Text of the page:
Quatre continued to stare pensively at the unexpectedly attractive painting, reflecting that everything about his life seemed suddenly contradictory, or bittersweet at the very least. He was a guest to whom no place was forbidden, yet he knew almost nothing about his surroundings. His host was kind and friendly, yet had the form of a monster and had demanded of him a lifetime’s penitence for a trifling offense. His lifetime’s penitence took him forever from a family he loved, yet Quatre felt it not impossible that he might be happy here. And the happiness he might have felt for his friend’s sake at discovering a heretofore unknown talent was marred and twisted by the fact that Trowa had chosen for his first subject a rose of the same pale blue-grey as the one that had originally trapped him here… here in this palace away from the family he loved, where he knew almost nothing about his surroundings, where it wasn’t impossible that he might be happy…
The darkness and confusion of these thoughts must have shown on his face — he’d never been any good at hiding such things — for Trowa said his name in a tone of concern and reached out a hand. The latter was still wet with paint in places, and, as Trowa must have realized this, only hovered above Quatre’s shoulder.
Quatre shook his head. “Nothing. I’m just impressed at this secret talent of yours.” And he forced a smile.
Trowa nodded slowly, still appearing concerned, and Quatre’s smile grew more genuine in rueful amusement as he considered the double standard that precedent could sometimes create. He could easily be expected to divulge his every thought and feeling simply because he so consistently did, but it would be unheard-of for him to press the unreadable Trowa to explain what was going on in his head. Not that that ongoing riddle wasn’t part of the charm, and, anyway, of greater concern at the moment was the exterior of Trowa’s head.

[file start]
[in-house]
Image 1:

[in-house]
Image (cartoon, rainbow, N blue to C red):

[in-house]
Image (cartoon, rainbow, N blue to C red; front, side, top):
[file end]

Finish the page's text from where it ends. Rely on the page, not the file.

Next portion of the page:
“Come on,” he said, turning away toward the door. “We should go get you cleaned up before that stuff dries in your hair.”
The song had started again, haunting and compelling and beautiful and heart-breaking, the very moment he’d set foot in the water. Heero wasn’t the least bit surprised anymore. In fact, besides the pity and curiosity that filled him as a natural reaction to such forlorn and pathetic singing, the only thing he felt was guilt.
He knew Duo didn’t want him to come here anymore. Duo had never explicitly said so, but Heero had seen it in his eyes, heard it in his tone, felt it in his embrace every night for the last week since Heero had told him about the first instance of the mysterious song. And Heero wasn’t even quite sure why he continued to worry his lover by insisting on bathing here when it would be such a small sacrifice to give it up and thereby satisfy Duo.
At first it had been his disdain for the entire yara myth. This pool was convenient — especially as compared to bathing with basin and sponge or hauling water to fill a tub — and he’d been unwilling to change his habits just because somebody was playing a prank on him. Darl, he’d thought, must have convinced one of his female friends to take the part of the legendary yara to try to frighten him.